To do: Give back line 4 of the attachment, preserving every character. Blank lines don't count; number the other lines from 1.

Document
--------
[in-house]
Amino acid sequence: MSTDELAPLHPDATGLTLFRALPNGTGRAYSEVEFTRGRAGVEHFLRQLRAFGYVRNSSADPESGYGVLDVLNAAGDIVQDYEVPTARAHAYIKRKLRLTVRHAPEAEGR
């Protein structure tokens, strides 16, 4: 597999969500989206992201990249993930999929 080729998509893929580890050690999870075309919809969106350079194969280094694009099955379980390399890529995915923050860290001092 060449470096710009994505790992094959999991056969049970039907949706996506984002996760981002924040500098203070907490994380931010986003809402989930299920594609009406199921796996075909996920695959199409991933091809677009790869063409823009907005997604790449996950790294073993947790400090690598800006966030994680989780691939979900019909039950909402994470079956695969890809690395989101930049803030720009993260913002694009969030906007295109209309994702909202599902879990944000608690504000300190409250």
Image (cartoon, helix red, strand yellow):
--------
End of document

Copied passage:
Image (cartoon, helix red, strand yellow):